Learn filler words to give yourself time
When attempting to use a new language, we can get ahead of ourselves due to nerves. I’ve used fillers such as pues (well), o sea (I mean), es que (it’s that), or a ver (let’s see), to ease this nervousness. By using the language itself, you avoid any awkward silence or pauses in a casual conversation. They give you some time to relax, think before you speak, and are also used by locals in conversation. You blend right in!
Sing slow songs in the target language
As much as Daddy Yankee’s “Gasolina” is a classic, it’s not the best song for second language-learning. Singing along to more slow tempo songs allows you to enunciate properly and avoid slurring phrases. Songs are also great for learning vocabulary, which is helpful if you can’t pronounce a word and need to use a different one. Fittingly, “El Perdón” by Nicky Jam and Enrique Iglesias was popular everywhere that semester and became my new favorite shower song. Though I’m sure this was to the dismay of my host mom…sorry Bernarda.
Talk to yourself
Sometimes language-learning is about the comfort and confidence of hearing your own voice in the target language. Have argumentative, persuasive, informative, and/or introductory conversations with yourself to prepare for the real thing. You can also record yourself to hear how you sound and where you can improve, and for further guidance have a native speaker listen to it for more tips. Between talking to yourself and singing you may sound ridiculous, yet this is my personal favorite!
Pursue intercambios with people around your level
Intercambios, which are language exchanges, are vital to fluency because you practice with a native speaker who can correct your grammar and/or vocabulary mistakes (for free)! To even the playing field, find someone whose level in your native language is around the same as yours in their native language. This isn’t to say you don’t love a good challenge, because you can always find someone whose language abilities are near-native in your language, but sometimes it’s easier to talk to someone when you can relate to their language-learning struggles.
Speed is not an indicator of fluency
The notion that speaking fast instantly makes you fluent, or better than anyone else learning a second language, is a myth. Sometimes fast talking is natural, and other times it just makes you skilled at slurring words to prove you don’t have a “gringo” accent. According to my professor, there are native speakers who speak slowly too! Learning a language is a process, so slow down, and take your time to do it right.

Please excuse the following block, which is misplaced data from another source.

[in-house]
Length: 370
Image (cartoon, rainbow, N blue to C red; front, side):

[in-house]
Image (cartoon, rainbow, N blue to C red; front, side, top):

Speak proudly and don’t strive for perfection
To be honest, I barely speak English properly! Language-learning is not about perfection, and a speech impediment should not deter anyone from learning a new one. With Spain Spanish, it’s easy to become obsessed with sounding like a native speaker by rolling an “R,” or damn near spitting out your throat to say a “J” like the locals. This type of overthinking leads to nerves, then to butchering a language, and finally to social anxiety when you are corrected in front of a group. Yes, it’s embarrassing to make mistakes, but it is also the best way to learn. So speak and fumble away.
Two years post my Spanish stutter epiphany, I still stutter in both languages. Whether I get excited while talking to friends, or nervous in job interviews, I may never overcome it 100% in any language. Stutters appear when they want, and vary depending on the situation; I can’t control it. Language learning can be a nerve-wracking endeavor, thus stuttering can happen to anyone who gets butterflies speaking in a non-native language.
Yet, my stutter doesn’t prohibit me from continuing Spanish, learning a new language to connect with more people on my travels (French I’m coming for you), or prevent me from speaking my mind. Though basic phrases to survive are important, using a language while you travel is not all about prepared phrases. To learn a language is to make mistakes, and be corrected on them in stride. Embrace them, own them, and challenge yourself to keep learning. You’ll get the last word…eventually.
What have you learned about language, travel, and life while learning a foreign language? Can you relate to Sojourner’s experience, and do you find her tips helpful? Do you have any helpful language-learning tips to share? Share them in the comments!